A TARP For All Even though the majority of the $700 billion TARP money is yet to be committed, that total is only a small piece of the $4 trillion-and-counting sum the federal government has made to bail out the financial sector. Included in that total beyond the $700 billion TARP program is $350 billion in FDIC guarantees on bank-issued debt, and Goldman Sachs, JP Morgan Chase, Morgan Stanley and Bank of America quickly raised $26 billion with Citigroup and Wells Fargo planning to follow. Then there's an estimated $1.3 trillion from the Fed to buy frozen commercial paper, $540 billion to buy commercial paper and other short-term debt from money market funds to stop the run on them, the new $200 billion Term Asset-Backed Securities Loan Facility (TALF) to back credit card, auto, student aid and small business loans and the $600 billion to buy mortgage-backed securities and GSE debt. Worst Since The 1930s Of course, in what will probably be the worst financial crisis and deepest recession since the 1930s, it's not surprising that Depression-era bailout structures are being copied. The Reconstruction Finance Corp., instituted by President Hoover in 1932, bought positions in over 6,000 financial institutions to the tune of $50 billion, not adjusted for inflation or the growth of the economy since then. The government got senior voting rights to control these firms and barred dividend payments to shareholders until the government was repaid. The worldwide recession is redirecting sovereign wealth money homeward. For instance, seven sovereign wealth funds in the Persian Gulf region are expected to lose 15% of their value, or $190 billion, this year, cancelling the likely $198 billion growth in crude oil revenues.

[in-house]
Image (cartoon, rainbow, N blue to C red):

It's interesting that the Fed, with its new commercial paper program, is lending directly to nonbank corporations for the first time since the 1930s. But then the Fed can lend to anyone, you included, under "unusual and exigent" circumstances. The Fed is, after all, the nation's lender of last resort. And don't worry about the remaining $370 billion in TARP money being committed. Detroit automakers want $25 billion. Homebuilders want money from somewhere for their $250 billion bailout, mentioned earlier. Banks not included in the initial nine to receive TARP money in the form of preferred stock purchases worry that if they don't ask to be included, they'll appear too weak to qualify. Many of the nation's 6,000 small, non-publicly traded banks want their share of the government goodies even though they can't issue preferred shares and warrants. Spreading Financial Woes As consumers retrench and eliminate discretionary spending, they are increasingly regarding monthly payments on credit cards, auto, student and home equity loans as discretionary. When it's a choice between putting food on the table or making a credit card payment, financial responsibility is suffering. Delinquencies and charge-offs in these consumer loan categories are mounting with a 9% increase in auto loans 30 days past due in the second quarter vs. a year earlier and an 11% rise in those 60 days overdue. Even upscale-oriented American Express, where over half its revenues come from fees paid by merchants, is suffering as charge volume falls and delinquencies and charge-offs on its credit cards rise, leaping 6.7% in September from 3.6% a year earlier. Consequently, the firm recently became a bank holding company so it could qualify for TARP money and hopes to get a $3.5 billion infusion. Credit card issuer Capital One has received preliminary approval for $3.55 billion in TARP money. Credit card issuers are also reacting to weakening volume and jumping charge-offs by raising interest rates and fees. Student loans more than doubled from $41 billion in school year 1997- 1998 to $85 billion in 2007-2008, but almost all of the growth was in private loans, with subsidized federal aid relatively flat. And delinquencies are jumping in that segment. SLM, or Sallie Mae, the largest private student lender, reported a delinquency rate of 9.4% in September vs. 8.5% a year earlier. Parents, suffering from stock losses and the disappearance of home equity, are no longer able to bail out their debt-swamped offspring. Meanwhile, SUV and other vehicle owners who are now upside down on their auto loans due to weak used vehicle prices have limited zeal to keep up on loan payments. TALF Adding the general freezing of credit markets to these conditions and it's not surprising that investor buying of securitized consumer loans, which normally provide the funds to make fresh loans, has dried up. In October, there was only one $500 million deal compared to $50.7 billion a year earlier. And the interest cost has leaped. From June to October, the risk premium on a triple A credit card deal jumped from 3.2 percentage points over 2-year Treasurys to 4.67. Treasury Secretary Paulson recently said that that market "is currently in distress, costs of funding have skyrocketed and new issue activity has come to a halt." So the government bailouts that we predicted in our October Insight have commenced. The Department of Education is buying $6.5 billion in federally-guaranteed loans, which doesn't affect troubled private student loans directly but does bolster the student loan market overall. Much more importantly, the government in late November initiated the Term Asset-Backed Securities Loan Facility (TALF) under which the New York Fed will extend up to $200 billion in nonrecourse loans to holders of asset-backed securities backed by highly-rated auto, student, credit card and small business loans. The program may be expanded later to include commercial and residential mortgage-backed securities. The Treasury is kicking in $20 billion from TARP to absorb any losses, as noted earlier. The hope is that this $200 billion infusion will re-ignite consumer loans. But, as discussed in our October report, leaping delinquencies and the eventual huge writedowns by financial institutional holders of bad consumer loan-related securities suggest that the zeal for consumer loans on the part of lenders or investors will remain subdued. Like TARP, TALF is likely to be no more than a bailout for distressed lenders who made a lot of bad loans. Since the Nov. 25 announcement of TALF, yields on bonds backed by credit card and auto loans remain at record levels. Foreign Financial Woes Phase 2 of the recession, financial woes, are, of course, a global phenomenon. And so are the responses. The U.K. initiated the direct injection of government money into banks to buy preferred stocks. The British government had hoped to attract some private capital into HBOS and Royal Bank of Scotland, but collapsed share prices left the government with most of the new stock. Barclay's avoided government help, but with its stock down 70% this year, it may ultimately end up with a third of the bank owned by Middle East investors as it raises $10 billion. The Bank of Japan is injecting another $32 billion into the financial system by expanding lending and easing collateral requirements. Switzerland depends heavily on her reputation as a super-safe haven for international money, and her financial services industry contributes 11.4% to GDP and employs 5.9% of her workforce. Yet the condition of her banks has deteriorated to the point that in October, her Economics Minister had to state publicly that the government would not allow big banks UBS and Credit Suisse to fail. The government is injecting $5 billion into UBS to back $50 billion in illiquid UBS assets. That bank has suffered over $40 billion in losses due to bad mortgage-related securities. Credit Suisse is in better shape but suffered a $2 billion third quarter loss due to writedowns on mortgage securities and unsold buyout loans as well as currency trading losses. The bank still holds $26 billion in leveraged loans and conventional mortgagerelated securities. Both banks are closing their bond funds for outside investors due to huge withdrawals following losses. Meanwhile, the Netherlands agreed to inject $13 billion into the banking and insurance giant ING. In 2000, the Spanish central bank introduced its "dynamic provisioning" system that required Spanish banks to build up considerable reserves against potential future losses. As a result, Spanish banks began this year with 200% coverage of nonperforming loans compared with 59% for the average EU bank in 2006. Still, Spain recently set aside $41 billion to fund illiquid assets of her banks. And turbulent market conditions prompted Banco Santander, Spain's largest bank, to unexpectedly announce last month a $9 billion rights issue. Russia has been floating on a sea of crude oil, but has sunk along with oil prices. Russians are fleeing the ruble for dollars and $83 billion left the country from August to October. The government has raised interest rates and spent heavily to cushion the currency's descent and avoid a repeat of its 1998 collapse. Still, the ruble is down 5% from its August high, and a halving of its current value is forecast. Meanwhile, plunging crop prices and a lack of credit is curtailing Brazil's soaring farm sector. In Asia, Pakistan, which reluctantly sought a $7.6 billion IMF loan, really needs $10 billion to $15 billion to prevent economic collapse, government officials say. Dubai's pell-mell economic growth has been heavily financed by international debt that may be hard to refinance. South Korea, responding to shortages of foreign currency for her banks and businesses, in October announced a $100 billion government guarantee on foreign currency loans and a $30 billion infusion of dollars into her banks. More recently, that country has problems with high household debt, which leaped from 38% of GDP in 1997 to 66% last year and is probably higher today. And rising credit costs and falling stock and corporate bond prices are slashing the profits of Japanese banks and their ability to provide capital to the international financial system. Central Bank Responses Central banks have responded to the global financial crisis in three ways. First, the Fed cut the discount rate and then the federal funds rare repeatedly, starting in August 2007. The Fed has continued this traditional easing approach and other central banks have followed more recently and aggressively, including the European Central Bank, the Bank of England and the central banks of India, China, Australia, Norway, Sweden South Korea, the Czech Republic, Switzerland, Japan and even Indonesia. Nevertheless, it became clear early on that rate cuts were of limited value since banks were so scared that they didn't want to tend to each other much less customers. The spread between the London Interbank Lending rate on U.S. interbank loans and Treasury bills, which leaped in the summer of 2007, remains wide. Furthermore, central bank rates are approaching zero at which point, as we understand it, they'll stop falling. So the ammunition of rate cuts is almost all shot off. The horse didn't want to voluntarily walk to the water and, besides, the pond is almost empty. Fed Chairman Bernanke recently said, "The scope for using conventional interest rate policies to support the economy is obviously limited." So the Fed moved quickly to step 2, leading the horse to the water. It introduced a succession of facilities to auction money to member banks, make it available to nonbank government security dealers, etc. The ECB and the Bank of England introduced similar facilities. Last August, the People's Bank of China, her central bank, relaxed credit quotas so most banks can lend 5% more this year and, more recently, allowed local companies to easily sell yuan-denominated debt of three-to-five years' duration. Then China, it increased quotes for state-controlled lenders by $14.5 billion this year, encouraged local governments to support credit guarantee firms and opened new financing channels including loans for mergers and acquisitions and for consumer finance. India's central bank has repeatedly reduced bank reserve requirements as has China's. And the Fed has attempted to satisfy foreign banks' gigantic demand for Treasurys by mushrooming its currency swap agreements with foreign central banks and then providing unlimited dollars to the ECB, Bank of England and Swiss National Bank for lending to local banks. The top policymakers of the cautious ECB recently called for an "abundant and generalized" capital infusion into banks. But all these central bank efforts resulted in the proverbial pushing on a string. The funds have stayed in the banks and haven't been lent out and entered the money supply to any meaningful degree as banks want nothing but Treasurys. The central banks led the commercial bank horse to water, but he wouldn't drink. So it's on to step 3 with the Fed and other central banks, as well as governments, investing directly in Fannie and Freddie, AIG, banks, credit card issuers, insurers, etc. here and abroad, buying commercial paper and, most recently, purchasing indirectly credit card, auto, student and small business loan-backed securities and maybe extending later to commercial and residential mortgagebacked securities as well as subsidizing mortgage rates, as noted earlier. Washington officials cringe at the suggestion that these measures amount to "quantitative easing," the Japanese policy initiated in 2001, because it failed to rapidly spur Japanese bank lending and the economy and arrest deflation. The Bank of Japan drove its target rate to zero with no effect and then tried to hype the quantity of money by buying government bonds, asset-backed securities and even stocks. Current quantitative easing by the Fed may not be any more successful than it was in Japan since the global financial system is in a classic liquidity trap, as in the 1930s when bankers were defined as people who wanted to lend to those who didn't need to borrow and didn't want to lend to those who did. Today, banks don't want to lend to anyone but the U.S. Treasury. Consumer Retrenchment The financial crisis spawned by the collapse of the residential mortgage market and the follow-on Wall Street woes obviously just had to depress the goods and services economy, and it has in Phases 3 and 4 of the unfolding recession. With the collapse in stock prices and evaporation of home equity, consumers have no other meaningful source of borrowing to fund their spending growth in excess of their after-tax income gains. Notice that home equity withdrawals through cash-out mortgage refinancing and home equity loans reached about $900 billion at annual rates, or around 10% of consumer spending. Now it's negative as principal repayment exceeds home equity withdrawals. So consumers' 25-year borrowing and spending binge, as witnessed by their quarter-century saving rate decline (Chart 5) and borrowing rate surge (Chart 6), is over. U.S. Personal Savings Rate